Music from My Mother's Piano
I have been recording some new pieces, and new improvisations, on my Mother's 1970 Yamaha grand piano, the piano I grew up with, and spent many hours playing, and studying to play piano, since I was a boy. The piano will eventually leave the house, and travel to Europe, where my sister and her husband live. I'd keep it if I had room for it. My brother in law is also a professional musician, so it will be well-loved.
Meantime, I am recording new pieces on the piano. I will be recording more. I am also making many new photographs of the piano, as memories, and as elements for future art, collages, etc.
Here's a sampling:
Rain, with rain
3 May 2008. I recorded two new piano improvs last night. It took awhile to get set up, but I did what I wanted to do. One of the new pieces is self-confident, and already on the podcast: midnight wing. The other piece was a bit tentative, but there’s something really good about it; I might try to record that one again. I have finally set up the mics and mixer by the piano, where I will leave them set up at least for a day or two, while I record as much as I can before Pam arrives. It is quieter late at night, but I don’t mind the right kind of ambient noise, if it’s birds or rain instead of traffic sounds.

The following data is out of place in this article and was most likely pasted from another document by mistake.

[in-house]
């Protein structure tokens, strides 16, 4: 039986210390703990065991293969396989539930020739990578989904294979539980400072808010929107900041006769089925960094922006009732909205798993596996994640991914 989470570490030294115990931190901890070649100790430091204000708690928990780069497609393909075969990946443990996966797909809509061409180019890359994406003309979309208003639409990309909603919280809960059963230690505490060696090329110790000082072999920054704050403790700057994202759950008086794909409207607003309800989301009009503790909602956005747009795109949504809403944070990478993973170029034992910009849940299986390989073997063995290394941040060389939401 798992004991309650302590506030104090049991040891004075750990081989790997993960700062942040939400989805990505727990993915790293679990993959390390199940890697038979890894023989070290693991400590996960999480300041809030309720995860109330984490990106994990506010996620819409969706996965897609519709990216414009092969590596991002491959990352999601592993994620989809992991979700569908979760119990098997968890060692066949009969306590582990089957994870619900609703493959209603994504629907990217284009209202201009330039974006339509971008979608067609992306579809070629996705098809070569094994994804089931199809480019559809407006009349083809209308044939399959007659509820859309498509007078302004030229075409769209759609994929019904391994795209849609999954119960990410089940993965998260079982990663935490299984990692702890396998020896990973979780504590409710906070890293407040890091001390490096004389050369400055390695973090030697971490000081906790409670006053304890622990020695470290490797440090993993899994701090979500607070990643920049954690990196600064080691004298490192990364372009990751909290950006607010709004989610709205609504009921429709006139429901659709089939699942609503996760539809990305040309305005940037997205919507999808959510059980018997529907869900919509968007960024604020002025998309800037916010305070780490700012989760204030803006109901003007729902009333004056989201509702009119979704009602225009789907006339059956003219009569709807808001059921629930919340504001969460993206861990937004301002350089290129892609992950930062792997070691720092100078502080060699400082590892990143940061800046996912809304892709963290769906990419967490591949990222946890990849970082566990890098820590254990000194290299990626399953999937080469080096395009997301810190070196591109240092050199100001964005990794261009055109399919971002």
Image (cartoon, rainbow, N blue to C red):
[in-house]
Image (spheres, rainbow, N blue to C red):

the essential has remained. it remains
4 May 2008. It’s late at night. I just finished recording on piano the piece that I had begun to compose and record a few nights ago, that was tentative then, but is done now. Tonight I played it the best I am able. I am tempted to call it Requiem, but what I did instead was look for a line from one of my favorite poets, one who has given me many lines as titles for music: Odysseas Elytis. There is a line in his 1979 Nobel Prize for Literature acceptance speech: . . . the essential has remained. It remains. That is the title. It is a piece that is in memoriam for my parents. I just finished rendering it, and am posting it to the podcast. This is the first, best music I can make, for now, for the memory of my parents. It is as close as I can come to those unnamable feelings that have been lurking around the edges. It is the best I can do, for now. I may re-record it at another time.
A recently discovered photo of me playing this piano in my teens; probably from the early 1970s